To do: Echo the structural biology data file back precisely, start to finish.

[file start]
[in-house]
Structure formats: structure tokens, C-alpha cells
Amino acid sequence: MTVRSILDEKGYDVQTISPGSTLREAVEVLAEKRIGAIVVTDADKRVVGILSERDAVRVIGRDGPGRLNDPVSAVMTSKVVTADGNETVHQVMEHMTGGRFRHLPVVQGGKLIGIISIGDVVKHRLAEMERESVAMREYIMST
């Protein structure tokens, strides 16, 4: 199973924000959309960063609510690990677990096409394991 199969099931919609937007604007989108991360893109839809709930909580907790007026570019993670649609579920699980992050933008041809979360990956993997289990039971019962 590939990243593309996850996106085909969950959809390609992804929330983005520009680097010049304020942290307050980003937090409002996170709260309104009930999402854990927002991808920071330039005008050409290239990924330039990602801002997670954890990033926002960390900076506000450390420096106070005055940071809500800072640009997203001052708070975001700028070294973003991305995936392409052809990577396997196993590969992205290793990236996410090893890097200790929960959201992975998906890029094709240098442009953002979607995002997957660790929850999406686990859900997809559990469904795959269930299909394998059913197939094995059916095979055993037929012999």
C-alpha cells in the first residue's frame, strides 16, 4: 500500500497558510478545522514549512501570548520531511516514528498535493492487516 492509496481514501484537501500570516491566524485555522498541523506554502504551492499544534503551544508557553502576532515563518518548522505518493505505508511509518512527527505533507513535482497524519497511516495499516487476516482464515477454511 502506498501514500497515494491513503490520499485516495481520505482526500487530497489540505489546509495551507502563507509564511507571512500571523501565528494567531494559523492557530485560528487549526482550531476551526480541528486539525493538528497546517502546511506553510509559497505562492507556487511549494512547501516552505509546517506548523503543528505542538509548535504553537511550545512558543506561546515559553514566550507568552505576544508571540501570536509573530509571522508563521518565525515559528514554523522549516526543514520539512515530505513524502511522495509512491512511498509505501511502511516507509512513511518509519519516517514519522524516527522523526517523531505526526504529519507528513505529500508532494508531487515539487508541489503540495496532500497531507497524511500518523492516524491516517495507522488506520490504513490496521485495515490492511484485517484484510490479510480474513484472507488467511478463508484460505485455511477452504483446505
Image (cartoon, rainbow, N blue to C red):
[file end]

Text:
[in-house]
Structure formats: structure tokens, C-alpha cells
Amino acid sequence: MTVRSILDEKGYDVQTISPGSTLREAVEVLAEKRIGAIVVTDADKRVVGILSERDAVRVIGRDGPGRLNDPVSAVMTSKVVTADGNETVHQVMEHMTGGRFRHLPVVQGGKLIGIISIGDVVKHRLAEMERESVAMREYIMST
């Protein structure tokens, strides 16, 4: 199973924000959309960063609510690990677990096409394991 199969099931919609937007604007989108991360893109839809709930909580907790007026570019993670649609579920699980992050933008041809979360990956993997289990039971019962 590939990243593309996850996106085909969950959809390609992804929330983005520009680097010049304020942290307050980003937090409002996170709260309104009930999402854990927002991808920071330039005008050409290239990924330039990602801002997670954890990033926002960390900076506000450390420096106070005055940071809500800072640009997203001052708070975001700028070294973003991305995936392409052809990577396997196993590969992205290793990236996410090893890097200790929960959201992975998906890029094709240098442009953002979607995002997957660790929850999406686990859900997809559990469904795959269930299909394998059913197939094995059916095979055993037929012999």
C-alpha cells in the first residue's frame, strides 16, 4: 500500500497558510478545522514549512501570548520531511516514528498535493492487516 492509496481514501484537501500570516491566524485555522498541523506554502504551492499544534503551544508557553502576532515563518518548522505518493505505508511509518512527527505533507513535482497524519497511516495499516487476516482464515477454511 502506498501514500497515494491513503490520499485516495481520505482526500487530497489540505489546509495551507502563507509564511507571512500571523501565528494567531494559523492557530485560528487549526482550531476551526480541528486539525493538528497546517502546511506553510509559497505562492507556487511549494512547501516552505509546517506548523503543528505542538509548535504553537511550545512558543506561546515559553514566550507568552505576544508571540501570536509573530509571522508563521518565525515559528514554523522549516526543514520539512515530505513524502511522495509512491512511498509505501511502511516507509512513511518509519519516517514519522524516527522523526517523531505526526504529519507528513505529500508532494508531487515539487508541489503540495496532500497531507497524511500518523492516524491516517495507522488506520490504513490496521485495515490492511484485517484484510490479510480474513484472507488467511478463508484460505485455511477452504483446505
Image (cartoon, rainbow, N blue to C red):